Nobody knew this tape existed until recently. It existence proves something that was always said about the Remains, both by fans and Tashian himself: the band’s studio recording barely hinted at the Remains’ intensity. So here it is, in all its ragged glory. Fittingly enough, the album is available from the folks at Sundazed Records, on good old fashioned vinyl.

You may also enjoy: my wide-ranging interview with The Remains’ Barry Tashian, from 2010.

 DOWNLOAD:  “Why Do I Cry”

 

GOGO PENGUIN – A Humdrum Star

Album: A Humdrum Star

Artist: Gogo Penguin

Label: Blue Note

Release Date: February 09, 2018

http://www.bluenote.com

The Upshot: UK outfit marries EDM to piano trio format for keyboard, bass, and drums, with striking results.

BY MICHAEL TOLAND

Manchester’s GoGo Penguin has always had a unique way of making music: composing its pieces as EDM, then translating those tunes into a piano trio format. The contrast between drummer Rob Turner’s athletic translations of jungle and dancefloor beats and bassist Nick Blacka’s woody double bass tones creates a distinctive and uplifting foundation for pianist Chris Illingworth’s minimalist classical melodies and chord work. A Humdrum Star, the band’s fourth album, mostly stays the course of its prior work – check out “Raven” and “Reactor” for  perfect encapsulations of its aesthetic. GGP has begun to alter its formerly all-acoustic format, however, as its electronic influences become more obvious. The organ drones that underpin “Transient State” and “Strid” and the repetitive keyboard strike throughout “Bardo” add new textures to the group’s arrangements without being obvious about it. The results come off like the soundtrack to an imaginary video game, one where environmental exploration is more important than staying on task.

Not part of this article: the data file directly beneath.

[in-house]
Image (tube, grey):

DOWNLOAD: “Strid,” “Reactor,” “Transient State”

 

ANDY SHEPPARD QUARTET – Romaria

Album: Romaria

Artist: Andy Sheppard Quartet

Label: ECM

Release Date: February 16, 2018

http://ecmrecords.com

The Upshot: Veteran UK saxman doesn’t exercise his more energetic muscles often enough, but generates enough heat to make the next album featuring this configuration something to anticipate.

BY MICHAEL TOLAND